3.  Money and Investments – When a bank account is opened for the estate, any of the existing decedent’s bank accounts should be closed and the remainder of the funds should be transferred to the new account. Any stray cash should be placed in a sealed envelope and placed in a safe place.

Spending Down Assets

In order to apply for coverage, Medicaid has strict rules that require applicants to “spend down” their assets before they qualify for coverage. Individuals must be conscientious of what they spend money on. To be eligible for Medicaid, applicants must have no more than $2000 “countable assets”. A Medicaid applicant is able to spend money on the following:

  1. Prepaying funeral expenses
  2. Making repairs to a home
  3. Paying off a mortgage, car loan, or credit card debts
  4.  Pay for medical care and equipment
  5.  Pay for more care at home

What are some permissible ways to spend down my assets? In Medicaid planning, “spending down” assets are important. Working With An Attorney On Managing Estate Assets Estate planning is a serious business. One wrong word or missing signature can the intent and power of a will or trust.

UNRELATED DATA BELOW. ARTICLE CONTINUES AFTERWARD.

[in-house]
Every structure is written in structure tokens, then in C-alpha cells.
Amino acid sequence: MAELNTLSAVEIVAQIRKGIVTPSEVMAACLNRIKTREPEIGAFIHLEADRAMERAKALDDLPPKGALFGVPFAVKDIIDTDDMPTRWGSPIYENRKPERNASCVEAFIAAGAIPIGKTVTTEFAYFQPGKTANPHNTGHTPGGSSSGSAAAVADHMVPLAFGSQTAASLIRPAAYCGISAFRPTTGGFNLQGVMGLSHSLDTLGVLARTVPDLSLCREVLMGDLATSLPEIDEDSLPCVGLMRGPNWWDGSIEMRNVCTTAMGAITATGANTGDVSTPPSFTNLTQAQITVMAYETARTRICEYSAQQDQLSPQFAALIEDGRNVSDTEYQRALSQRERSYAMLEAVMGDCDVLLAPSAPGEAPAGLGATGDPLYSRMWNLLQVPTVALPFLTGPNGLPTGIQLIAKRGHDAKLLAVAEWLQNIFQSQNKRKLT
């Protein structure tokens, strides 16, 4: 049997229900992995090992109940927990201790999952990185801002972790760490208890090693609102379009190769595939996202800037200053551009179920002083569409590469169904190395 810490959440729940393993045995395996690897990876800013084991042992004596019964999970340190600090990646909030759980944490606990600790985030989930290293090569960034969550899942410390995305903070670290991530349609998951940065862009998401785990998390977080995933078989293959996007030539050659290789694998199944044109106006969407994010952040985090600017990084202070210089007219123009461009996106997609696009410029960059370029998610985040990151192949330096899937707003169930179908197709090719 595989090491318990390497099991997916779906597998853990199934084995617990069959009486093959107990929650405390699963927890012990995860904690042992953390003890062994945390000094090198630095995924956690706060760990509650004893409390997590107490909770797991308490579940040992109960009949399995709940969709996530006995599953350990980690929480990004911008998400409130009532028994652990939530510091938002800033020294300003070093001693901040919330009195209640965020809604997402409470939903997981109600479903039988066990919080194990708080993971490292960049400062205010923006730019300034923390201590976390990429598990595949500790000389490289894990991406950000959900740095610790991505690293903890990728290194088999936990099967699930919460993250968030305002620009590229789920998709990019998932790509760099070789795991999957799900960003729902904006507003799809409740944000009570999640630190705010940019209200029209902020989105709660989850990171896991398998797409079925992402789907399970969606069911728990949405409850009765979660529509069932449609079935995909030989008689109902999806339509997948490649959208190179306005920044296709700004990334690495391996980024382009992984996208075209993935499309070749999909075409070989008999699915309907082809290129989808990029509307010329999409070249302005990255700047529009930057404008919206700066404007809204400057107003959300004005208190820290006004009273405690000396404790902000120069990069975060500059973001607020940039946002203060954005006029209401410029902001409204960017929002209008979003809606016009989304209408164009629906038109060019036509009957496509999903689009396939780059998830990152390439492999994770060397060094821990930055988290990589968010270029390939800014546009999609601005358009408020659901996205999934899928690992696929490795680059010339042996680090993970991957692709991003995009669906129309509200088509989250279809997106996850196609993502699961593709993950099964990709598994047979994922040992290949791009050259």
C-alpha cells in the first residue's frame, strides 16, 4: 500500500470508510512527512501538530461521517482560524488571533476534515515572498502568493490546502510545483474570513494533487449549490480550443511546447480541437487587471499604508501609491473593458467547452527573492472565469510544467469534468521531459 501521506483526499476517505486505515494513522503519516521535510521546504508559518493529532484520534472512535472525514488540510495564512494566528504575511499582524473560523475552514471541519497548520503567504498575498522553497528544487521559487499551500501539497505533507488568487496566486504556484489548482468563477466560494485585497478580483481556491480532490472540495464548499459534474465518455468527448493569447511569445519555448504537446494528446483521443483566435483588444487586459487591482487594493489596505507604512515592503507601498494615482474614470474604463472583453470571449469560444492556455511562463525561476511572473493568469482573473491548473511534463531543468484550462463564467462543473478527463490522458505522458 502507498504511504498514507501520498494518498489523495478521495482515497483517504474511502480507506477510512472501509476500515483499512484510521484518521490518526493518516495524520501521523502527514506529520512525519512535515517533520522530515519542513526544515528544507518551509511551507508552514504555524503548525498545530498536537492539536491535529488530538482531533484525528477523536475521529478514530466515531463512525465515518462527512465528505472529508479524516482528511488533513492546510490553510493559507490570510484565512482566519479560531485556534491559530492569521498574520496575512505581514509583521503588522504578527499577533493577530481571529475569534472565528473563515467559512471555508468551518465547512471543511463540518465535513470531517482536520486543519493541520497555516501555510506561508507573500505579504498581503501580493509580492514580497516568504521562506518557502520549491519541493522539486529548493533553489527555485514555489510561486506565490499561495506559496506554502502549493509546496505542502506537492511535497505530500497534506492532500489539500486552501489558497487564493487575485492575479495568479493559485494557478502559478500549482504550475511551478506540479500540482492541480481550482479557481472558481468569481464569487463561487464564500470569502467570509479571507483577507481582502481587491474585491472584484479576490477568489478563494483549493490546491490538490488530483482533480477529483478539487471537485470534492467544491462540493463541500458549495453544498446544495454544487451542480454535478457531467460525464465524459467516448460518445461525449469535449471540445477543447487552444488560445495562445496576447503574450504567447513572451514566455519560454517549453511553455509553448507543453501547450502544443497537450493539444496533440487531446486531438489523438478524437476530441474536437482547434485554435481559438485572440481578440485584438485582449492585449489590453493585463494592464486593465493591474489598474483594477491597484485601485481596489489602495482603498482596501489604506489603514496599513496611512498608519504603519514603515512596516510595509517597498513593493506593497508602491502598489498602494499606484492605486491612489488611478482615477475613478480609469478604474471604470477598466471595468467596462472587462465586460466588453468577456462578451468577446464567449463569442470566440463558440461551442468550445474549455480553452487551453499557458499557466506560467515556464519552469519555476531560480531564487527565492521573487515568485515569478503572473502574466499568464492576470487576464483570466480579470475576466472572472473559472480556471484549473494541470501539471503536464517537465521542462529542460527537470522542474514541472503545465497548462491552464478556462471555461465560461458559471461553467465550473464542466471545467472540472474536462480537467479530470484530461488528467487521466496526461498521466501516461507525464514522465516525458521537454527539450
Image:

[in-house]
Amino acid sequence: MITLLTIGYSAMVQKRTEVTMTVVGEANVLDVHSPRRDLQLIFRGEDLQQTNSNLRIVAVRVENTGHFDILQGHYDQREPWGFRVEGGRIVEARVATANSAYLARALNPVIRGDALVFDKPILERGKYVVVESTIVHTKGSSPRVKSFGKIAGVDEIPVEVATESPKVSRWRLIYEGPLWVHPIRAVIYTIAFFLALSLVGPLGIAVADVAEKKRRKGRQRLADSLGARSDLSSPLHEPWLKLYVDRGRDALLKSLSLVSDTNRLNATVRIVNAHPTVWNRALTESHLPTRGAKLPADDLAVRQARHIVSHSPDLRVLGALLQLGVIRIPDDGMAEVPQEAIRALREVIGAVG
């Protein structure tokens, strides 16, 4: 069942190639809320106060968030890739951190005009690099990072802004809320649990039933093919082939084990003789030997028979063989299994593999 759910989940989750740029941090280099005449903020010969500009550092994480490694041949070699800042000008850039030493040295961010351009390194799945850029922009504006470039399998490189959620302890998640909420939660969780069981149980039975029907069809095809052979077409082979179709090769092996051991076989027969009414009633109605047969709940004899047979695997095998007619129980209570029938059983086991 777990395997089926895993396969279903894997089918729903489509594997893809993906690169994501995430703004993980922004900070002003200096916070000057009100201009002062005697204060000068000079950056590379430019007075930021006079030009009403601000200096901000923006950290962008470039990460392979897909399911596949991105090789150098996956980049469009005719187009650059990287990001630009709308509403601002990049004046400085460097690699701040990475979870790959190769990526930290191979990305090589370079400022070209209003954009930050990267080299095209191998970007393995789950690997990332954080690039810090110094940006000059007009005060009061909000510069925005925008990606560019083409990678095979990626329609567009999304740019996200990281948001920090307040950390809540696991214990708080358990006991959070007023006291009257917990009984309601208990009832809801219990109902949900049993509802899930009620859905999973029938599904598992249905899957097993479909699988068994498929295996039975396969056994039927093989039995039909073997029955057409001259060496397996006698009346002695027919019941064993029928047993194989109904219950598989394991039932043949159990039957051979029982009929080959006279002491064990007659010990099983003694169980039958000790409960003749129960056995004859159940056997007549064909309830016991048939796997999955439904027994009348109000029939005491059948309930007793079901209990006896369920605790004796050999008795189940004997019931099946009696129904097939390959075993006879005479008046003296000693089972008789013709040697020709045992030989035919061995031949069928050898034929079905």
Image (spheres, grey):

An Attorney who specializes in probate or estate planning can assist in sorting out complex legal documents or matters. Your attorney can also sort out any family conflicts or objectification that may arise. Most importantly, estate planning attorneys understand the state law, which dictates estate plans. If you or a loved one are not familiar with Florida state laws, it could be difficult to navigate on your own.

Orlando Estate Law Attorney Aubrey Harry Ducker Jr.

We understand how simple estate planning mistakes or omissions can quickly turn into a disaster, resulting in litigation or probate. Aiming to help our clients avoid common estate planning errors. Thus protecting their assets. Affecting the efficient transfer of assets to the intended beneficiaries.

If you are dealing with any type of family law case, contact Attorney Aubrey Harry Ducker Jr. to discuss how our attorneys can help you with your Trust Administration & Litigation, Probate Administration & Litigation, and Collaborative Divorce case. Call us at (407) 647-7887 or send us a message. Also, you can visit the offices of Attorney Aubrey Ducker Jr. Aubrey Ducker Jr. serves Orlando and surrounding areas.